Pet Proof Home

Safe For Pet- Safe For Human

Pet Proof Home. Healthy Living Magazine

Pet Proof Home. Healthy Living Magazine

Hominids forget how close to the lawn or carpet dogs live. Each time carpet cleaner with perchloroethylene or floor polish with formaldehyde and petroleum distillates is sprayed, rubbed and mashed into the firmament, the ones closest—pets and babies—get exposed the most.

Read: Green Cleaning Works As Well As Risky Chemicals

Carpeting spot treated with products containing the most dangerous solvents can cause exposures to genetically damaging chemicals like perchloroethylene (PERC) or 2-butoxyethanol, according to a HealthyLivinG Foundation review that found some products intended for use on floors and carpets as well as lawns contain chemicals documented to cause cancer or estrogen-like effects. Cancer agents include 1,4-dioxane, 2,4-D, 2-butoxyethanol and PERC. Other ingredients such as acrylic copolymers found in stain remover Resolve and nonoxyol-9 in Spic’n’ Span stain remover leach chemicals with estrogenic activity.

Read: Canaries In The Coal Mine

10,000 pet poisoning a year

More than 100,000 cases of pet poisoning occurred in the US in 2012. But the fact that pesticides and cleaning products are among the top five causes of acute poisonings, according to the Pet Poison Helpline, brings up long-term concerns—rising rates of serious conditions that veterinarians say they are increasingly diagnosing.

Read: Clean Home

clean home - sick pet

Bladder cancer incidence among canines has steadily increased since 1975 with proliferating numbers of cases caused by the very products owners are washing on their pets such as flea and tick insecticides and some shampoos, according to a study in the Journal of Toxicology and Environmental Health. The Journal of the National Cancer Institute reports that pets with the highest rates of lymphoma are more likely to come from homes where lawn chemicals were applied. More ominously a study from 13 veterinary teaching hospitals found rates for canine bladder cancer to be associated with the county’s level of industrial activity. Making homes and offices safe for pets is good for human health. Chemicals like PERC are strongly suspected of causing human cancer; others like dioxane and 2-butoxyethanol show evidence of causing it in other species. So reducing exposures for our pet increases safety for everybody.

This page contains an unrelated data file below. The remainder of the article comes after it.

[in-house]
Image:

Read: Feel Good About Buying "Green" Detergent

Lawn treatments and older generation flea and tick chemicals can be hazardous to dogs. Avoid 2,4- D, captan, permethrin, malathion and other chemical sprays and treatments. Minimize or avoid flea and tick dips with chemical pesticides.

Read: Get Fired

Applying chemicals in the home can be reduced by choosing brands of household cleaners whose products consistently rank as the least toxic choices. Companies with highest brand ratings by the HealthyLivinG Foundation for safety include Biokleen Bac-Out; Earth Friendly Products Pet Stain & Odor Remover; greenshield organic pet stain & odor remover and carpet spot remover; and naturally it’s clean carpet spot treatment.

Read: Natural Deceit

References i George D Bittner, Chun Z Yang, and Matthew A Stoner Estrogenic chemicals often leach from BPA-free plastic products that are replacements for BPA-containing polycarbonate products. Environ Health. 2014; 13: 41. Published online 2014 May 28. doi: 10.1186/1476-069X-13-41 PMCID: PMC4063249 ii A M Soto, H Justicia, J W Wray, and C Sonnenschein p-Nonyl-phenol: an estrogenic xenobiotic released from "modified" polystyrene. Environ Health Perspect. 1991 May; 92: 167–173. iii Glickman LT, Shofer FS, McKee LJ, Reif JS, Goldschmidt MH. An epidemiologic study of insecticide exposure, obesity, and risk of bladder cancer in household dogs. J Toxicol Environ Health. 1989;28:407– 14. iv Hayes HM, Tarone RE, Cantor KP, Jessen CR, McCurnin DM, Richardson RC. Case-control study of canine malignant lymphoma: positive association with dog owner's use of 2,4-dichlorophenoxyacetic acid herbicides. J Natl Cancer Inst. 1991 Sep 4;83(17):1226-31.
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